I’ve been thinking a lot about monitoring maturity. Based on some research I did last year and a number of conversations with people in the industry I’ve documented a simple monitoring maturity model. I present it largely because some folks might be interested rather than as any sweeping revelation.
The three level maturity model reflects the various stages of monitoring evolution I’ve seen organizations experience. The three stages are:
Onto the details of the stages.
Manual or None
Monitoring is largely done manually or not at all. If monitoring is performed you will commonly see checklists, or simple scripts and other non-automated processes. Much of the monitoring is cargo cult behaviour where the components that are monitored are those that have broken in the past. Faults in these components are remediated by repeatedly following rote steps that have also “worked in the past”.
The focus is entirely on minimizing downtime and managing assets. Monitoring provides little or no value in measuring quality or service and provides little or no data that helps IT justify budgets, costs or new projects.
This is typical in small organizations with limited IT staffing, where there are no dedicated IT staff or where the IT function is run or managed by non-IT staff, such as a Finance team.
Monitoring is mostly automatic with some remnants of manual or unmonitored components. Tooling of varying sophistication has been deployed to perform the monitoring. You will commonly see tools like Nagios with stock checks of basic concerns like disk, CPU and memory. Some performance data may be collected. Most alerting will be simple and via email or messaging services. There may be one or more centralized consoles displaying monitoring status.
There is a broad focus on measuring availability and managing IT assets. There may be some movement towards using monitoring data to measure customer experience. Monitoring provides some data that measures quality or service and provides some data that helps IT justify budgets, costs or new projects. Most of this data needs to be manipulating or transformed before it can be used though. A small number of operationally-focussed dashboards exist.
This is typical in small to medium enterprises and common in divisional IT organizations inside larger enterprises. Typically here monitoring is built and deployed by an operations team. You’ll often find large backlogs of alerts and stale check configuration and architecture. Updates to monitoring systems tend to be reactive in response to incidents and outages. New monitoring checks are usually the last step in application or infrastructure deployments.
Monitoring is considered core to managing infrastructure and the business. Monitoring is automatic and often driven by configuration management tooling. You’ll see tools like Nagios, Sensu, and Graphite with widespread use of metrics and graphing. Checks will tend to be more application-centric, with many applications being instrumented as part of development. Checks will also focus on measuring application performance and business outcomes rather than stock concerns like disk and CPU. Performance data will be collected and frequently used for analysis and fault resolution. Alerting will be annotated with context and likely include escalations and automatic responses.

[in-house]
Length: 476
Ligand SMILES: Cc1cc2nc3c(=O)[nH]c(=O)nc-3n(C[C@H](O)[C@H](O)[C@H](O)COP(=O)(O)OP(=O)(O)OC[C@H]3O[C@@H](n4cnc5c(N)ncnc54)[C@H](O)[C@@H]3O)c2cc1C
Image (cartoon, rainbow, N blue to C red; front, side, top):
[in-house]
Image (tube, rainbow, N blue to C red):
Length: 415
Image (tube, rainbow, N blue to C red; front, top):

There is a focus on measuring quality of service and customer experience. Monitoring provides data that measures quality or service and provides data that helps IT justify budgets, costs or new projects. Much of this data is provided directly to business units, application teams and other interests parties via dashboards and reports.
This is typical in web-centric organizations and many mature startups. Monitoring will still largely be managed by an operations team but responsibility for ensuring new applications and services are monitoring may be devolved to application developers. Products will not be considered feature complete or ready for deployment without monitoring and instrumentation.
I don’t believe or claim this model is perfect (or overly scientific). It’s also largely designed so I can quantify some work I am conducting. The evolution of monitoring in organizations varies dramatically, or as William Gibson said: “The future is not evenly distributed.” The stages I’ve identified are broad. Organizations may be at varying points of a broad spectrum inside those stages.
Additionally, what makes measuring this maturity difficult is that I don’t think all organizations experience this evolution linearly or holistically. This can be the consequence of having employees with varying levels of skill and experience over different periods. Or it can that different segments, business units or divisions of an organizations can have quite different levels of maturity. Or both.comments powered by Disqus